Three prescribed burns scheduled in April
Weather and ground conditions permitting, three prescribed burns will be ignited this month to restore grasslands and open forests on Crown land and at Premier Lake Provincial Park.
BC Parks and the Rocky Mountain Trench Ecosystem Restoration Program have planned low-intensity controlled fires at the following sites:
• 156 hectares at the junction of Hwys 95 and 3/93 near Isadore’s Canyon northeast of Cranbrook. Motorists are advised that smoke may drift onto the highway. Traffic control will be in place on the day of the burn.
• 166 hectares south of Ta Ta Creek in the vicinity of the old Kimberley Airport on Hwy 95A. The public is asked to avoid using this popular recreation area while burning is underway.
• 150 hectares in the Yankee-Canuck Lakes area on the east side of Premier Lake Provincial Park. The public is advised that hiking trails in this area will be closed during the burn.
Ecosystem restoration projects have been ongoing at all three sites for several years.
Initial thinning treatments have now reduced forest stands to the point where restorative fire can be introduced safely and effectively.
Local crews from the provincial Wildfire Management Branch Southeast Fire Centre will conduct the burns using plans prepared to achieve specific objectives for each fire.
The Premier Lake burn will restore two endangered plant communities and improve wildlife habitat. The burn near Cranbrook will reduce a fire hazard created when an infestation of false hemlock looper killed fir trees. The old airport burn will improve grazing for elk and cattle and will enhance habitat for badgers, an endangered species.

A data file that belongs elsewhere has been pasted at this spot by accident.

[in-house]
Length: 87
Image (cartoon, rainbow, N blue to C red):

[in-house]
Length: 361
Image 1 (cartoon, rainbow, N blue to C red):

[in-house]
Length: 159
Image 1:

Each fire will be ignited only when weather conditions meet B.C.’s smoke control regulations and when ground conditions allow fires to be managed safely.
Prescribed burns mimic the frequent low-intensity ground fires that historically maintained grasslands and open forests in the East Kootenay and Upper Columbia Valley.
Prescribed fire controls tree regeneration, recycles soil nutrients, rejuvenates bunchgrasses and shrubs, improves forest health, and reduces the risk of more severe wildfire.
Funding for this season’s prescribed burns is provided by the Habitat Conservation Trust Foundation and the B.C. government’s Land Based Investment program.
The Rocky Mountain Trench Ecosystem Restoration Program (Trench ER Program) has operated as a successful partnership of government, industry and the public since 1998.
The long-term goal is to restore East Kootenay/Upper Columbia Valley grasslands and open forests to their former fire-maintained condition.
Restoration treatments include thinning forest ingrowth and re-introducing fire to the landscape via controlled burns. Restoration is taking place on Crown land, in provincial and national parks, on private conservation properties and First Nations reserves from Radium Hot Springs to the U.S. border.
Restoring grasslands and open forests enhances biodiversity; restores habitat for species at risk; improves natural grazing for domestic cattle, elk, deer and bighorn sheep; improves forest health; and reduces the risk of severe wildfire.
Visit www.trench-er.com to learn more about ecosystem restoration in the Rocky Mountain Trench.
Above photo: A prescribed burn at Premier Lake Provincial Park in 2010.
Susan Bond, Rocky Mountain Trench Ecosystem Restoration Program